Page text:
Like many juniors, running competed for time in Marc’s life with football. “I did have a lot going on, I played football a lot and I just wasn’t into running a lot at the time.” His modesty is evident again, because it takes me prompting him to get him to talk about his time in the Leeds United Academy. “I would play football Saturday and Sunday, in my year group and the year group above and I was in the Leeds development squad. Obviously, to make it as a footballer you have to be very good. I had the engine, I run a lot and get around the pitch but I was never standing out above the rest so it was never going anywhere really. I got injured quite badly at 16 and my coach at the time, who actually deserves a lot of credit for my success now as an athlete actually, said to me I had to choose. So, I packed in football at 16 and ended up with a scholarship out to the States 2 years later.”

That being said, it was not the most orthodox route, with Marc competing predominately in cross country and on the fells. “Yeah my first England and Great Britain vests were on the fells. Actually, I think it helps now because it just built up a lot of strength in my legs and these very long aerobic sessions we do at Bowerman just suits me and I feel at home doing that.”

Life as a pro-runner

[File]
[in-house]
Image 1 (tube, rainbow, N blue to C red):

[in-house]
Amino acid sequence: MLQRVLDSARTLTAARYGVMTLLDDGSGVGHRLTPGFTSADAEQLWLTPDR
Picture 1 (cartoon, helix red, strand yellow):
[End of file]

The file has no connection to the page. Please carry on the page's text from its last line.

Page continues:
By now we had talked for about half an hour and discussed his successes and his failures as well as his route to the top. I realised that we had not even discussed whether, as a professional, his love for running still endures. “I do still enjoy it. I wouldn’t go out every day and run 10 miles in the rain. There is something that makes me get out of bed every day and I think that is purely the enjoyment I get from the sport. The highs you can have just make you want to go out and train even harder. I’ve never found it hard to get out and run and I still don’t. It helps having 11 guys waiting for you too mind.”

After keeping myself together for 35 minutes or so, I could not contain my boyish curiosity anymore. The exceedingly thin veneer of professionalism that I had tried to exude was broken in a single question, exposing the façade and, with it, any lingering whiff of journalistic expertise. “Mate it must just be bloody cool to be a Nike athlete, surely it’s the dream?” I asked.